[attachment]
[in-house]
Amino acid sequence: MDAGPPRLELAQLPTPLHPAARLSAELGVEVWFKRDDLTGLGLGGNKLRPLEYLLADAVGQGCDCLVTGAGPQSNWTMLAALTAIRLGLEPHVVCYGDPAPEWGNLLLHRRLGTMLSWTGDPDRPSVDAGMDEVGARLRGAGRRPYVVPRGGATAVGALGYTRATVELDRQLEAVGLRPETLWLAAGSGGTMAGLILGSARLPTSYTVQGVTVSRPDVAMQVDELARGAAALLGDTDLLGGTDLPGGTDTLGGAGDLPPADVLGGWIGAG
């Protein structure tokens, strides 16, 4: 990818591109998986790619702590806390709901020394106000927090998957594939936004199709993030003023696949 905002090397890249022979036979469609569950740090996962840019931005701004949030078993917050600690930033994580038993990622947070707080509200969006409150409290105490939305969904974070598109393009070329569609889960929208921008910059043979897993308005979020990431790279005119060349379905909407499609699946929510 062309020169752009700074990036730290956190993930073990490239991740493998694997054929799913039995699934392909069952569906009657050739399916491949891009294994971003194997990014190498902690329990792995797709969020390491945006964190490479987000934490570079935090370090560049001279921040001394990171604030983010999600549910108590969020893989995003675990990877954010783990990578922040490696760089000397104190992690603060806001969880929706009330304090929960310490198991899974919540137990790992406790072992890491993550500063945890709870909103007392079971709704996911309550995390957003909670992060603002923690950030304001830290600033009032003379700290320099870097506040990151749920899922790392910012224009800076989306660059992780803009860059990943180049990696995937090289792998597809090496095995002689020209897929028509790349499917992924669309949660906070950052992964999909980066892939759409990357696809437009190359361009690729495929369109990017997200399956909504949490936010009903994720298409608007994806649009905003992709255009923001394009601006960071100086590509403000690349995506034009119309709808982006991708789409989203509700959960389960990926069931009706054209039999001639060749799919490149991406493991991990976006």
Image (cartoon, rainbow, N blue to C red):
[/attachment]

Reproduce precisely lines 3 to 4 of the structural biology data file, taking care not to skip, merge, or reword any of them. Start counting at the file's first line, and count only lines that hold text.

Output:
């Protein structure tokens, strides 16, 4: 990818591109998986790619702590806390709901020394106000927090998957594939936004199709993030003023696949 905002090397890249022979036979469609569950740090996962840019931005701004949030078993917050600690930033994580038993990622947070707080509200969006409150409290105490939305969904974070598109393009070329569609889960929208921008910059043979897993308005979020990431790279005119060349379905909407499609699946929510 062309020169752009700074990036730290956190993930073990490239991740493998694997054929799913039995699934392909069952569906009657050739399916491949891009294994971003194997990014190498902690329990792995797709969020390491945006964190490479987000934490570079935090370090560049001279921040001394990171604030983010999600549910108590969020893989995003675990990877954010783990990578922040490696760089000397104190992690603060806001969880929706009330304090929960310490198991899974919540137990790992406790072992890491993550500063945890709870909103007392079971709704996911309550995390957003909670992060603002923690950030304001830290600033009032003379700290320099870097506040990151749920899922790392910012224009800076989306660059992780803009860059990943180049990696995937090289792998597809090496095995002689020209897929028509790349499917992924669309949660906070950052992964999909980066892939759409990357696809437009190359361009690729495929369109990017997200399956909504949490936010009903994720298409608007994806649009905003992709255009923001394009601006960071100086590509403000690349995506034009119309709808982006991708789409989203509700959960389960990926069931009706054209039999001639060749799919490149991406493991991990976006």
Image (cartoon, rainbow, N blue to C red):